Mortgage loans simplified

November 8, 2011 — You’ve found the home, and now it’s time to figure out how you’ll finance it. Here is some basic information to help get you started.

Fixed Rate Mortgages
For those who prefer no surprises, the fixed rate mortgage is a popular choice. The loan is based on an interest rate that stays the same throughout the life of the loan so you’ll always know how much you can expect to spend.

Adjustable Rate Mortgages (ARMs)
Some consumers prefer ARMs during times of increasing rates or when they don’t plan to stay in their home for more than a few years. Initially, ARMs allow you to take advantage of rates that are generally set below current fixed rates. In exchange for the discount, you share a portion of the risk that rates may change over time. Generally, the rate adjusts up or down as the economic indicator on which the loan is based rises or falls.

Jumbo Loans
Different from other loans, the jumbo loan is set up specifically to accommodate mortgage amounts in excess of $417,000, although this amount is reviewed annually and adjusted again on Oct. 1. Jumbo loans typically carry a higher-than-average risk to the lender. To make up for this risk, slightly higher interest rates may apply.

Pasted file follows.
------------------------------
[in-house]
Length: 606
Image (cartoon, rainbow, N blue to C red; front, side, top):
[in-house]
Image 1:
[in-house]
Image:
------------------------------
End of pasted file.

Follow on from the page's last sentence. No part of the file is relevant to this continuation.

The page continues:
Balloon Mortgages
Payments are calculated on a longer term (15-30 years) for balloon mortgages, with the agreement that the mortgage be paid in full with a balloon payment at the end of a predetermined period, generally five to seven years. The advantage of this loan is that interest rates are generally set below current market rates. Many balloon mortgage borrowers, however, refinance their loan before the balloon payment is due.

This type of loan is popular for those who intend to resell their home before the balloon term is over because they may be able to save money paying the reduced rate.

Two-Step Loans
Two-steps are ARMs that have only one adjustment during the loan term. They let you take advantage of a reduced start rate of an ARM while still enjoying the security of a fixed rate for some time. The adjustment does not usually occur until several years into the loan term, so two-steps are particularly attractive to buyers who do not plan to stay in their new home for more than a few years.

The Term: In Easy Terms
In short, the term is the length of your loan. Usually, terms are 15 or 30 years, each with its own benefits. A shorter term carries a lower rate and higher monthly payments, but more money is saved over the long run while you build equity at a faster pace. A longer term carries a higher interest rate and a lower monthly payment, so it makes a larger mortgage more affordable. However, you build equity at a slower rate. Other terms, such as 20 or 25 years, are often available, too, depending on the type of loan you select.

Contact your lending representative for more information about choosing the right loan for you.


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